I loved so many characters. The Mad Hatter (Hatta) and the Cheshire Cat were major characters, which made me so happy. For Hatta, his story was connected to Catherine’s because by the end, they had become their characters in Alice in Wonderland, the Mad Hatter and the Queen of Hearts. The Mad Hatter wasn’t always mad- though aren’t we all just a little mad?- and it showed his character development. Another character that I loved was Jest… OH JEST! Fictional characters like him are my krytonite because I am constantly scared for their safety and my heart clenches every time they’re in danger. Jest was such a flirt, but not a dumb flirt, if you know what I mean. He was clever and funny and everything that makes up a fictional crush for me.

Then…there are the annoying characters. First of all, I’d like to mention THE most annoying character- Catherine’s mother. The Marchioness was so blind to Catherine’s  happiness and made me want to say OFF WITH HER HEAD! Then there was the king, who I started to imagine as the king from Wreck It Ralph after @beaulitful mentioned it. He was exactly the opposite of Jest- old, plump, and with the brains of a toddler. I cringed every time he danced with Catherine (on tiptoes) or kissed her hand. Ew.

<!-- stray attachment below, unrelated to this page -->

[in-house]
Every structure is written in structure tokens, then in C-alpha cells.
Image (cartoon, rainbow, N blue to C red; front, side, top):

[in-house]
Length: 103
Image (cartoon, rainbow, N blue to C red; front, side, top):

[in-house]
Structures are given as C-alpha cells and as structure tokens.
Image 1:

The book has a lot of underlying plots, like the constant attacks from the Jabberwock, a creature known to carry off people to eat and that was believed to be extinct. These details made the book action-packed and kept me wondering, even though I knew the ending. It proves that even when a book is spoiled for you, it’s still possible to read it and love it even if you know what will happen.

I was so scared to start this book, especially because of the dire warnings from my friends. They told me it would leave me heartless, and they were right. But it was worth it in the end because it perfectly explained how the Queen of Hearts came to be that way- from a sweet baker to a kill-crazy queen. My heart is gone but its empty cavern is happy that I read it.

Advertisements